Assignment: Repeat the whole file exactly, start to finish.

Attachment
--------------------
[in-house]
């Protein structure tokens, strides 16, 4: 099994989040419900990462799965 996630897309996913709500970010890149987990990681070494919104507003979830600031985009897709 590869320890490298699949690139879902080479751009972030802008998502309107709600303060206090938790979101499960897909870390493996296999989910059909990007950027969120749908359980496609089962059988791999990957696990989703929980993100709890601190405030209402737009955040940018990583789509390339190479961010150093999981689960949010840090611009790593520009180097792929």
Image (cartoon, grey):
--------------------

[in-house]
């Protein structure tokens, strides 16, 4: 099994989040419900990462799965 996630897309996913709500970010890149987990990681070494919104507003979830600031985009897709 590869320890490298699949690139879902080479751009972030802008998502309107709600303060206090938790979101499960897909870390493996296999989910059909990007950027969120749908359980496609089962059988791999990957696990989703929980993100709890601190405030209402737009955040940018990583789509390339190479961010150093999981689960949010840090611009790593520009180097792929």
Image (cartoon, grey):